Santiago, the capital of Chile, is located in the center of the country and is the cultural, political, and communication hub of the country as well. Founded in 1541, it now has a population of about six and a half million. One of the largest attractions of Santiago are the barrios, or neighborhoods. The historic, downtown area is filled with colonial buildings, art museums, and plazas. Other neighborhoods, like Brasil, have distinct architecture and vibe. Brasil has uniquely themed restaurants and a hippie feel to the place. It is also very near the Museum of Memory and Human Rights. There are many hostels in Brasil and surrounding neighborhoods, but few of them are cheap. We paid 9.000 pesos per person a night at a clean hostel with continental breakfast, and that seemed to be the going rate elsewhere. We, like many other backpackers, have found Chile to be fairly expensive. While there are probably cheaper hostels in Santiago, they are harder to find and probably not as clean.
Because of its development and economic opportunities, Santiago has a large expat/immigrant population from Europe and even a few gringos. Also, because of labor laws many companies prefer to hire foreign women over Chilean women. Indigenous people have lived in the Santiago valley area for hundreds of years. Conquistador Pedro de Valdivia founded the city on a small island between two rivers at the suggestion of the native chiefs. Santiago was destroyed and rebuilt several times over the past five hundred years, first from the Michimalonco Indians, then by earthquakes. When Chile became a sovereign nation in 1810, Santiago was declared the capital. During the dictatorship of Pinochet (1973-1990), under more classical liberal economic policies, Santiago developed and the city grew.
We stayed a total of two and a half days in Santiago, which was enough for us. Soaking in the music and architecture of the town in Plaza de Armas is a good way to rest but enjoy the city. Santiago has a few art museums, history museums, and good bars. We felt satisfied with what we saw. Our first morning we went to San Cristobal hill, which is in the northern/central part of the city and has a spectacular lookout across the land. The best entrances at the foot of the hill are in the neighborhood Bellavista. While you can climb the hill, we decided to pay 2.000 pesos each and ride the funicular up. It was much faster and more fun. Halfway up San Cristobal is the Santiago zoo and at the top is a small church and large statue of Virgin Mary. Over 50,000 pilgrims climb the hill every year at the Feast of Annunciation (I think) to worship and pray. It was quiet when we went, so we enjoyed the church and eventually made our way back down the funicular. In the 1920s the wealthy and elite in Santiago built some neo-Tudor buildings to make the hill pretty and have a place for parties. Now the buildings house the funicular.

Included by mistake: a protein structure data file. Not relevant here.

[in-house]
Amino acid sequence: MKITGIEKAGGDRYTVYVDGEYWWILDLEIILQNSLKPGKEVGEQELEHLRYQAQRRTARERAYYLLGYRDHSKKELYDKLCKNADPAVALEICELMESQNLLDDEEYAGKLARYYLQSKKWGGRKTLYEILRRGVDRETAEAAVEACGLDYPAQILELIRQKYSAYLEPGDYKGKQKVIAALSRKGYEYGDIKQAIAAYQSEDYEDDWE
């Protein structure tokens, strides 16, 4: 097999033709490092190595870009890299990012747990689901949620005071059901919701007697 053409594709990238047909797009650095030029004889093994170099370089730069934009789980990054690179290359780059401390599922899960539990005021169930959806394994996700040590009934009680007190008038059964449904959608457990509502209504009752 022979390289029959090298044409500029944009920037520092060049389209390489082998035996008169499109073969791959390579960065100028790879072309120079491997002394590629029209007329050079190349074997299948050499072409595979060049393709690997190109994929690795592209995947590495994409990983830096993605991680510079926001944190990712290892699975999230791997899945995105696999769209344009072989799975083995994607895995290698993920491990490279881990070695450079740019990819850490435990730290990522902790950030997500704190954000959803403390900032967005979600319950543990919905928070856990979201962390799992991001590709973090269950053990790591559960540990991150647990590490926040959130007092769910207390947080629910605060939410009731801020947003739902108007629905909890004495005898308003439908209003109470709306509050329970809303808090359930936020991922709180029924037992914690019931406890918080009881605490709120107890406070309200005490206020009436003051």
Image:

At Plaza de Armas is the national museum of Chile. We entered for free. It wasn’t very large, but had beautiful pieces of artworks: landscapes, portraits, and framed, old maps. Everything was in Spanish, but it didn’t pose much of a problem because most artifacts were self-explanatory or had simple descriptions that we could understand. We spent about 45 minutes there and thought it was worth the time (especially because it was free!). It gave a good background image of what colonial Santiago was like. Below is a picture of the clock tower of the national museum.
Finally, we needed to find US dollars. Entrance to Bolivia requires USD in cash for American citizens, and we were all out. I had held out hope that we could pull dollars from an ATM or American bank in Santiago, but after a couple of hours scouring the internet, it seemed that would be impossible. A few years ago it was, but Chile enacted a few new laws that make it harder for American expats or American backpackers to get the dollars they need. So we found ourselves at an exchange house. So far I had avoided these because I wasn’t sure the rates would be good—whoever sells the dollars gets the better deals. I stopped at a bank and asked about their rates, but the teller recommended I go to the exchange place for a better transaction. The one most recommended online and by the tellers was Cambio Exchange, near the central business district of Santiago. It was quick, fairly painless, and simple. While getting dollars out of an ATM would have been preferable, I can say that this cambio house was perfectly fine and a good place to go for exchanges.
Our second day in Santiago we wandered around some more, getting to know the public transportation system and the city, then visited the Museum of Memory and Human Rights. I highly recommend this museum visit, which I discuss more in another blog post.